Article

Bohring–Opitz (Oberklaid–Danks) syndrome: clinical study, review of the literature, and discussion of possible pathogenesis

  • European Journal of Human Genetics volume 19, pages 513519 (2011)
  • doi:10.1038/ejhg.2010.234
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Abstract

Bohring–Opitz syndrome (BOS) is a rare congenital disorder of unknown etiology diagnosed on the basis of distinctive clinical features. We suggest diagnostic criteria for this condition, describe ten previously unreported patients, and update the natural history of four previously reported patients. This is the largest series reported to date, providing a unique opportunity to document the key clinical features and course through childhood. Investigations undertaken to try and elucidate the underlying pathogenesis of BOS using array comparative genomic hybridization and tandem mass spectrometry of cholesterol precursors did not show any pathogenic changes responsible.

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Acknowledgements

We thank all of the patients and their families and Dr Kaname for analysis of the TACTILE gene in several patients.

Author information

Affiliations

  1. Clinical Genetics Department, Univerity Hospitals NHS Foundation Trust, St Michael's Hospital, Bristol, UK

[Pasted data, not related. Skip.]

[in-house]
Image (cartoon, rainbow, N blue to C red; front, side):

• Rob Hastings
    • , Peter Lunt
    • , Sarah Smithson
    •  & Ruth Newbury-Ecob
  2. Department of Pediatric Genetics, Emma Kinderziekenhuis AMC, Amsterdam, The Netherlands

    • Jan-Maarten Cobben
  3. Institut für Humangenetik, Universität zu Lübeck, Lübeck, Germany

    • Gabriele Gillessen-Kaesbach
  4. Institute of Human Genetics, Newcastle University, Newcastle Upon Tyne, UK

    • Judith Goodship
  5. Department of Clinical Genetics, University Hospital, Rigshospitalet, Copenhagen, Denmark

    • Hanne Hove
    •  & Susanne Kjaergaard
  6. Department of Biochemistry, Southmead Hospital, Bristol, UK

    • Helena Kemp
    •  & Catherine Murdoch-Davis
  7. Department of Genetic Medicine, MAHSC, St Mary's Hospital, Manchester, UK

    • Helen Kingston
    •  & Kay Metcalfe
  8. Southwest Thames Regional Genetics Service, St George's Hospital, London, UK

    • Sahar Mansour
  9. Department of Medical Genetics, Yorkhill Hospitals, Yorkhill, Glasgow, UK

    • Ruth McGowan
    •  & John Tolmie
  10. Department of Child Health, Royal Hospital for Sick Children, Glasgow, UK

    • Mary Ray
  11. Département de Génétique, Université Paris Descartes, Paris, France

    • Marlène Rio
  12. Department of Clinical Genetics, Royal Devon and Exeter Hospital, Exeter, UK

    • Peter Turnpenny
  13. Department of Human Genetics, Radboud University Nijmegen Medical Centre, Nijmegen, The Netherlands

    • Bregje van Bon
  14. Institutut für Humangenetik, Universitätsklinikum Essen, Essen, Germany

    • Dagmar Wieczorek

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Competing interests

The authors declare no conflict of interest.

Corresponding author

Correspondence to Ruth Newbury-Ecob.